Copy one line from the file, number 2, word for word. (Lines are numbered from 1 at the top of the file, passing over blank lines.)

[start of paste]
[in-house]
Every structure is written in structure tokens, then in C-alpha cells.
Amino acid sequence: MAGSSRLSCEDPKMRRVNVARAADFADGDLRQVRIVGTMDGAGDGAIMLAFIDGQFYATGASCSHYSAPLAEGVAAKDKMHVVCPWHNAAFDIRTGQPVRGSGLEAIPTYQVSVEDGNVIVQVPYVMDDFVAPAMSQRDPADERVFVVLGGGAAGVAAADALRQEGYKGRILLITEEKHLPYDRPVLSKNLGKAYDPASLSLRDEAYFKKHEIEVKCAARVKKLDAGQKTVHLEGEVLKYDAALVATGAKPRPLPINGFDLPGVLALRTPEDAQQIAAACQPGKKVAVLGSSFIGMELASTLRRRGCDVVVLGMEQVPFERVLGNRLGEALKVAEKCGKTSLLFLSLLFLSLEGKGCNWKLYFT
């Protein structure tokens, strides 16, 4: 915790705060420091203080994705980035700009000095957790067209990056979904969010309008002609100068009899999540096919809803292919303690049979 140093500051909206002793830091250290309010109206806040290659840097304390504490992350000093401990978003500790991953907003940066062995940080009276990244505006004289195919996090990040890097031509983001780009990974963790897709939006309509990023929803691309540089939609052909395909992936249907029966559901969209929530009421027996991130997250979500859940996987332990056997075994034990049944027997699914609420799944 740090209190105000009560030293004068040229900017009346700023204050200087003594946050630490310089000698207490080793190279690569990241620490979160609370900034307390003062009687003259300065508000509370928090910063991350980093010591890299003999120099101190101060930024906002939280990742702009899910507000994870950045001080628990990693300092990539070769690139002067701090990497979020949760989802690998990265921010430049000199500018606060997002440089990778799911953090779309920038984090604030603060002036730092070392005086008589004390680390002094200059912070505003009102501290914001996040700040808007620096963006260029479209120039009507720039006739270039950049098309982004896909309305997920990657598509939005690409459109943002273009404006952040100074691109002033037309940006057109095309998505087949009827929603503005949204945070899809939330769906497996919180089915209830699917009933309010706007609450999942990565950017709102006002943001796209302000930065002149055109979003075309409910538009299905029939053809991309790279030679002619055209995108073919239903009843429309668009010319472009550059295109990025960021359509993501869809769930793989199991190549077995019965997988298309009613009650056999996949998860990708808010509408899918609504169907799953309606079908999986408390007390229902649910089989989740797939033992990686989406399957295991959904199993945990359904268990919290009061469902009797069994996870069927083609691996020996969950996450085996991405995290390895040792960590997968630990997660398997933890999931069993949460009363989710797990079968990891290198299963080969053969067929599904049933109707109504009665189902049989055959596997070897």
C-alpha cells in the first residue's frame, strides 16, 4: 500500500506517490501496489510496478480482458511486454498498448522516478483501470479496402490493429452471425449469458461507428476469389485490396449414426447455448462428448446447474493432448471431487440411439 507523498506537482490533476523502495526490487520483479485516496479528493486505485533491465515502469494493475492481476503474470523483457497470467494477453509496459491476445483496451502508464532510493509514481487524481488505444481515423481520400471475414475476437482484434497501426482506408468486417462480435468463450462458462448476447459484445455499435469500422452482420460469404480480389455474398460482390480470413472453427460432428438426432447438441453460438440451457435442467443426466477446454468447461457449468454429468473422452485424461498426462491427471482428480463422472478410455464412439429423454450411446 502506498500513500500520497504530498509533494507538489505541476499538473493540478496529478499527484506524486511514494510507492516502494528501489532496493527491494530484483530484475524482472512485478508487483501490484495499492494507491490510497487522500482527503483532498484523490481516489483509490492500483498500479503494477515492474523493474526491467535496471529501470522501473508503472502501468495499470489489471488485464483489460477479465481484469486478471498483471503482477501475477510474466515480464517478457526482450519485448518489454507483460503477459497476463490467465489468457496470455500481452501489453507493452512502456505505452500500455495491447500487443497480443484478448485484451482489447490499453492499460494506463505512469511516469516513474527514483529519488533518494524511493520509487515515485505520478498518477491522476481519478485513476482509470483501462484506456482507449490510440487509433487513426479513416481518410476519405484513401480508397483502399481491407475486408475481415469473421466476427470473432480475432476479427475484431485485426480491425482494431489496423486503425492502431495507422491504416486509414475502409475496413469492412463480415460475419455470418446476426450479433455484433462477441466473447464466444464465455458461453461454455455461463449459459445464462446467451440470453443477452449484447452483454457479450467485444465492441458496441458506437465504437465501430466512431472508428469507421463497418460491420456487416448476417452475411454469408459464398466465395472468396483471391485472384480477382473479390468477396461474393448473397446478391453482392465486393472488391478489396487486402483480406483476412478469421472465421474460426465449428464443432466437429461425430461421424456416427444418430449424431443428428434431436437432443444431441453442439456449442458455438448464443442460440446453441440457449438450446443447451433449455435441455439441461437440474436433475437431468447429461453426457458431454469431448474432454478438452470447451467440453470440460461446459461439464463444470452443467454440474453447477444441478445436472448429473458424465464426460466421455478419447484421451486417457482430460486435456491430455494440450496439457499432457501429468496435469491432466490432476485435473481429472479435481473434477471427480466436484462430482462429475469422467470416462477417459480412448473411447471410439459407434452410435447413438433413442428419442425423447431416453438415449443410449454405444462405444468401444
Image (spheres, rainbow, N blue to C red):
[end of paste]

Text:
Every structure is written in structure tokens, then in C-alpha cells.